It’s summer, and that can mean only one thing; Under the Dome is back for its second season. Seriously, how is that show still on? How are the writers stretching a novel that isn’t The Stand into twenty-six episodes of television?
Somebody, anybody, please explain this to me.
Around this time last year, I put together a piece that argued for The Running Man as a standalone summer mini-series. For the benefit of any link non-clickers, I shall summarize forthwith. The Running Man, written by Stephen King (as Richard Bachman) could easily, and cheaply, be adapted as a series that would probably win all manner of awards and garner no shortage of critical acclaim. Particularly because Mr. King foresaw reality television, gentrification, and class warfare as if he were the Oracle of Delphi. The 1982 novel also framed the not-too-distant future as a very interconnected world. Recall the social media vigilantism in the aftermath of the Boston Marathon bombing. It was an eerie thing to see citizens phoning in and tweeting sightings of the bombers, just like what happens in The Running Man.
On a lighter note, a remake of The Running Man would correct the injustice that is the name of the novel being most closely associated in popular culture with this nightmare:
After talking to a co-worker about how The Running Man novel is nothing like the movie, we began throwing around some ideas for how to cast a proper remake of TRM. For shits and giggles, I’m going to share some of our best ideas in this post. I’ll turn to Wikipedia (shudder) for a little context on the novel and characters.
The story’s protagonist, Ben Richards, is a citizen of Co-Op City, a suburb of the fictional Harding, which is located somewhere in the country west of Detroit in the year 2025. The world’s economy is in a shambles, and America has become a totalitarian dystopia. Richards is unable to find work, having been blacklisted from his trade, and he needs money to get medicine for his gravely ill daughter Cathy. His wife Sheila has resorted to prostitution to bring in money for the family. In desperation, Richards turns to the Games Network, a government-operated television station that runs violent game shows. After rigorous physical and mental testing, Richards is selected to appear on The Running Man, the Games Network’s most popular, lucrative, and dangerous program. He meets with Dan Killian, the executive producer of the program, who describes the challenges he will face once the game begins.
Let’s start with Ben Richards. From my own recollection, Ricahrds is a pretty frail physical specimen. He’s tubercular, works in and about radiation, and is rather scrawny despite being a labourer. So here are my picks for a new Ben Richards.
Have I blown your mind? The way I see it, the eponymous running man could easily be a woman. Richards’ motivations are that of a parent wanting to take care of their spouse and child. Nothing about that desire is a specifically manly virtue. Having a female runner would also be a great way to let the story of The Running Man engage in a dialogue with modern reality television. Killian could bring in a female runner not because he believes in gender equity, but because it would bring in the ratings while seeming to care about a female audience.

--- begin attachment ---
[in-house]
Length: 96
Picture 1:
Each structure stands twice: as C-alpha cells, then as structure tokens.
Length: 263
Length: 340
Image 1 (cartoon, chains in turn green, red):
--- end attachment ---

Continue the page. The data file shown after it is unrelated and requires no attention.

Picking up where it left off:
My choice: Regina King
Hollywood’s choice if it actually happened: Andrew Lincoln
Moving on to Dan Killian. Killian is a consummate company man and executive producer of The Running Man. In the novel he’s written as a middle aged African-American, which makes it all the more annoying that we got Richard Dawson playing him in the movie.
Gender swapped or not, any of these actors would work as Killian.
My choice: Either CCH Pounder or Dennis Haysbert. President David Palmer or Captain Claudette Wyms gone dark side is equally appealing to me
Hollywood’s choice if it actually happened: Idris Elba, because we’re cancelling the low ratings apocalypse
There are a few other characters in the novel that could have their role expanded for a television series; though I only have one person in mind for each of them.
First there’s Bradley Throckmorton. Throckmorton is an inner-city gang member and environmental activist. He uses his underground connections to help Richards survive on the run. At first, I thought about Donald Glover for this character, but then realized that Felicia Pearson would be way more bad-ass.
Unlike in the movie, which turned the novel’s “hunters” into parodies of professional wrestling via “the stalkers,” the Network’s hunters are a plain clothes police force. They are also ruthless in their ability to hunt down and execute runners. Though Ben Ricahrds lives in fear of Evan McCone, the notorious lead hunter, he only makes an appearance in the final fifty or so pages of the novel. Never the less, the mere sight of McCone strikes fear into Richards and any other runner.
Am I right?
And those, ladies and gentlemen, are the people I would want to cast in a 13 episode stand alone version of The Running Man.